Thursday, March 01, 2007

Elisabeth Ladenson's "Dirt for Art's Sake"

Elisabeth Ladenson is an Associate Professor of French and Comparative Literature at Columbia University and the author of Dirt for Art's Sake: Books on Trial from Madame Bovary to Lolita.

She recently applied the Page 69 Test to her book.

Read the publisher's description and an excerpt from Dirt for Art's Sake.

Among the praise for Dirt for Art's Sake:
"A professor of French and comparative literature, Ladenson sets out to answer the question, 'How does an 'obscene' book become a 'classic?'' with this spry but exhaustive look at the history and culture surrounding the modern world's most controversial literature. Ladenson touches on numerous 'dirty' books, using a handful of landmark titles as jumping-off points for a wide-ranging survey: Madame Bovary, Les Fleurs du Mal, The Well of Loneliness, Ulysses, Lady Chatterley's Lover, Tropic of Cancer and Lolita. Using court records, novelists' letters, newspaper reviews and other books on the subject, Ladenson constructs a vivid composite of society's shifting relationship with such polarizing subjects as adultery, homosexuality and pedophilia — including the suppression thereof as well as the appetite therefor. Tracing the evolution of 'obscenity' from the 1850s to the late 20th century, Ladenson outlines the debates over 'art for art's sake,' as well as the province of realism, illustrating the rocky process of acceptance for the twin concepts and the literature they provoked. Witty, well-written and relevant, including fascinating details from the lives of writers, court cases as recent as the 1960s and as far-flung as Japan, and attempts to reinvent controversial works for contemporary audiences (such as two film versions of Lolita), this highly readable study should make scholars and book junkies as happy as pigs in lit."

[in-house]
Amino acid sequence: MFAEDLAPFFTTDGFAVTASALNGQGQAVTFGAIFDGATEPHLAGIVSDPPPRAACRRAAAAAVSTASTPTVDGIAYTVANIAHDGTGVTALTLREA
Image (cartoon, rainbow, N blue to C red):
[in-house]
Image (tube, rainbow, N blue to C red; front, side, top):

Publishers Weekly (starred review)

"A witty and elegant study, written with an exceptional sensitivity to the multiple ironies regarding sex and censorship in literature.... With every text Ladensin so perceptively reads, she has something fresh and arresting to say. She is especially brilliant on Ulysses, along with Madame Bovary the most obvious work of genius under examination here.... Assuredly not an obvious work of genius is Lady Chatterley’s Lover ... [and] Ladenson’s commentary on it is illuminating.... The chapter on Nabokov and Lolita is extremely funny: a chapter of accidents.... We still believe in censorship today. It’s just that we’re too hypocritical to call it censorship, and talk instead of 'inappropriate language' in regard to gender or ethnic stereotyping, and of the need to have our 'awareness raised'. Bah humbug, says Ladenson, in so many words."
—Christopher Hart, Sunday Times (London), 31 December 2006

"Elisabeth Ladenson's witty meditation on literary obscenity pivots on 'irony, paradox, and absurdity.' How, she ruminates, can one generation's 'dirt' be another generation's 'art'? 'How does an obscene work become a classic?' It's a fascinating set of hows. Ladenson takes, as her principal texts, seven ambiguously obscene classic works of literature.... What adds freshness to her discussion is chapters on that infamous period of Gallic censorship when public prosecutor Ernest Pinard took Flaubert and Baudelaire to court. By so doing, he installed himself in the annals of literature — as one of its clowns. They also serve who makes fools of themselves for art."
—John Sutherland, Washington Post

“With far-ranging erudition, a keen eye for analysis, and a great sense of humor, Elisabeth Ladenson looks at the real reasons behind the censorship of masterpieces like Madame Bovary and important but lousy books like The Well of Loneliness. She pinpoints many of the moralistic arguments that are once again rearing their ugly heads in this age of spying and 'Christian' militancy. The censorship of movies was already a recapitulation of the principles that had been applied to literature a century earlier. This book is so entertaining it made me laugh out loud at least once at some expertly skewered absurdity during every chapter.”
—Edmund White
Ladenson's previous book is Proust's Lesbianism.

--Marshal Zeringue